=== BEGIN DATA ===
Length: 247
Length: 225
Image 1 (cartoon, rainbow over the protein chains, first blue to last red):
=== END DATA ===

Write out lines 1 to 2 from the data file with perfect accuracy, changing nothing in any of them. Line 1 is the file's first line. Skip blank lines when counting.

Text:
Length: 247
Length: 225